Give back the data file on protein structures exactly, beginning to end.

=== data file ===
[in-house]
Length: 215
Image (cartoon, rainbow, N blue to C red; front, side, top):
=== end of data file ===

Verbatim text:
[in-house]
Length: 215
Image (cartoon, rainbow, N blue to C red; front, side, top):